Textured Walls Vs. Smooth Walls: Worth The Cost?

Walls, bumps, and lumps galore. Every.single.wall in the new house is super textured. And well, we hate textured walls. Obviously its not the end of the world, but it sure is close to it;) But really, for the look we love, textured walls don’t blend in at all. Im kicking myself for not having a great up close shot of our walls, but here is just a far away glimpse of what we are dealing with:

Side note: Is it just me or do textured walls remind y’all of really old scaly skin?! Haha sick but so true for me. Anyway, heres what I would love your input for. We know how to smooth walls out, but with the whole entire house needing it done, and it being a little bit of a time consuming project, we are wanting to have it professionally done. We have about 3,600 sq ft of walls needing to be done…so needless to say, its not gonna be a cheap job.

So whats it worth to you? Smooth walls make trim, board and batten, wainscoting  etc. look dreamy. Where as textured walls, they just don’t really ‘work’ for those things. And we all know what lovers of trim we are. Would you be willing to potentially forego a small projects budget in order to get the walls beautifully smooth? DIYing it isn’t an option for our timeline, which would obviously be the best option:/

 

Comments

  1. says

    This is your new dream home! If you don’t do your walls now, you will continue to look at them daily and hate them, thus kinda destroying your dream home… the home you plan on staying in for (hopefully) years! I say go for it! :)

  2. says

    I say go for it, too; otherwise it will always bother you and it is obviously worth it to you. So, there are two opinions now ans that shoild be enough, right? :)

  3. says

    Looks like it’s worth it to me, but here’s a question: I don’t know anything about smoothing out walls, but since you’re going to put wainscoting on most walls, couldn’t you just pay to have the smoothing done to only the top 2/3 of the wall? It might not work, but if it did, it might save you some dough!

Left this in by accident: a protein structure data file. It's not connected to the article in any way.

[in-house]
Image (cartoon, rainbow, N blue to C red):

4. says

    My brother lives in AZ now too & his walls are textured as well. It seems this is the “norm” there? Here in Michigan we never have textured walls. It seems like they’d be a huge pain in the rear. Do you know if there is a reason they do them that way so much there? Seems like it’d be easier to just throw up the drywall & call it done than to texture it all! Sorry no advice since I’ve never had them, but it’s interesting to me how this seems to me to be a mostly south-west thing.

  5. Anonymous says

    I don’t know anyone personally who has a house with smooth walls, and I live in the Bay Area (CA). My solution at our last place was painting in the flattest paint available. Any kind of gloss just accentuates all those bumps and lumps.

  6. Anonymous says

    This house is huge…. And it seems like you will be living in it for a looong time! I personally think it is a no brainier! With the amount of time & energy you are going to take to make this home your own… I wouldn’t cut this corner. Textured walls are in the same vein as popcorn ceilings! And I KNOW you wouldn’t let that fly. :) There really is no way you can fix all those walls & regret doing it. It will make a HUGE difference.

  7. Mike says

    Texture hides imperfections (bangs, scrapes, dents, etc.) in the drywall. I also love smooth walls, but a little texture on the walls + 3 kids = a lot of time saved not having to repair drywall dings.

    Something to think about if you’re going to have a few more kids. Your time becomes more and more precious.

  8. says

    Do it. It will bother you the entire rest of the time you’re in the house if you don’t. And then what type of Dream House will it be?
    Better to do it now before you move everything in.

  9. says

    If it’s a budget issue, I would keep the textured walls in the halls. Kids bump into everything. You can retexture later. I would retexture the living and dining room to start. If you have to pay $10,000 to do the whole house, that seems reasonable. $20,000, not so much. Ann

  10. Anonymous says

    DITTO to Rogue Designs’ comment. This is not something you will want to take on later when the dust and mess will be over everything in the house. We have textured walls and popcorn ceilings in most of the houses here in FL, and they areTHE VERY first things we’d change if we bought again.